In many states, social workers with their MSW must obtain the LCSW (Licensed Clinical Social Worker) credential to practice clinical work, such as therapy. To get the LCSW credential, social workers first need to complete a set number of clinical hours under the supervision of a licensed clinician. After their supervisor signs off on the hours, the LCSW candidate is eligible to take the clinical exam. A few states require an additional exam.
The LCSW exam is challenging, and not everyone passes it on their first try. If you failed the LCSW test, you’re not alone. For those of you who didn’t pass the first time around, here’s how you can bounce back and pass when you take it again!
Take Care of Yourself
One of the hardest parts of not passing the LCSW exam is how you feel after you discover you weren’t successful. It’s normal to feel sad, disappointed, frustrated, or even angry. Give yourself the appropriate time and space to process those feelings through your self-care routines. If things are feeling particularly difficult, consider reaching out to a therapist.
The right self-care will help you stay positive and motivated to take the exam again. Remind yourself that the vast majority of social workers who failed the LCSW exam went on to pass it and be excellent social workers. Stay optimistic about future opportunities.
A strong support network will help you get stronger after disappointing news. This support network can be anyone, including family members, friends, and coworkers, but your strongest supporters will be fellow clinicians. They’ve all been either been through the exam, or are studying to take it, and will understand what you’ve gone through.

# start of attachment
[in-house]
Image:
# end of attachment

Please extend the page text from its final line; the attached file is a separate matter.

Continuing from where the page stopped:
If you don’t have one yet, find a study partner who’s also preparing to take the LCSW exam. A good study buddy, or a study group, will help you get prepared and motivated to take the test another time. They’ll also ensure you stay dedicated to your subsequent attempts to pass.
Take Care of Any Special Testing Needs
Before taking the test again, address any challenges you have around taking the test itself. Many people suffer from test anxiety that strongly negatively impacts their performance on exams. If this is you, visit a therapist or coach who specializes in this challenge. A clinician can help teach mindfulness and relaxation techniques and sometimes prescribe medication that will help you feel calmer on test day.
If you have a documented disability, ensure you’ve notified the ASWB and received any accommodations you need that will help you pass. Under the Americans with Disabilities Act, you’re entitled to reasonable accommodations when taking a standardized test.
Get the Study Materials You Need
In many cases, great social workers don’t pass the LCSW exam because they’re not prepared for the test itself. Although the examination mimics working in a clinical practice setting, it’s still a different experience to know how to pass the test than to work with clients. Like all tests, LCSW candidates will need to make sure they study in a way that’s productive.
Along with being disciplined about taking time to study and using an accountability group or buddy, social workers will want to make sure they have the best practice materials. This includes the most up to date practice tests and access to information that will be on the test. Depending on your learning style, you might also benefit from workshops or study skills seminars specifically designed to help you get ready for the LCSW.
Over the years, we’ve seen many social workers come back and pass the LCSW after initially failing it. With the right self-care, support, and study strategy, we know you’ll succeed in getting licensed!